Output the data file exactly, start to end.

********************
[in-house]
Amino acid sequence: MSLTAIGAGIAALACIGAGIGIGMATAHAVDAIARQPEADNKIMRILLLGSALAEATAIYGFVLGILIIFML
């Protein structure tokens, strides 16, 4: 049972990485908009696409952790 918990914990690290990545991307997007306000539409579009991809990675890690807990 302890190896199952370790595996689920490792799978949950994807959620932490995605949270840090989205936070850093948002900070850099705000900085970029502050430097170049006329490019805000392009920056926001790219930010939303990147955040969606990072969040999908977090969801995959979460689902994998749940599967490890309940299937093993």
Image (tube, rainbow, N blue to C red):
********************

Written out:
[in-house]
Amino acid sequence: MSLTAIGAGIAALACIGAGIGIGMATAHAVDAIARQPEADNKIMRILLLGSALAEATAIYGFVLGILIIFML
């Protein structure tokens, strides 16, 4: 049972990485908009696409952790 918990914990690290990545991307997007306000539409579009991809990675890690807990 302890190896199952370790595996689920490792799978949950994807959620932490995605949270840090989205936070850093948002900070850099705000900085970029502050430097170049006329490019805000392009920056926001790219930010939303990147955040969606990072969040999908977090969801995959979460689902994998749940599967490890309940299937093993």
Image (tube, rainbow, N blue to C red):